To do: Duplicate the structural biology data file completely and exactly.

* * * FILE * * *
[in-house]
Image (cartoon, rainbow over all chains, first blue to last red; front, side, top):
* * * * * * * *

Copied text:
[in-house]
Image (cartoon, rainbow over all chains, first blue to last red; front, side, top):